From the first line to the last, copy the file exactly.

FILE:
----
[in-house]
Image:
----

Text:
[in-house]
Image: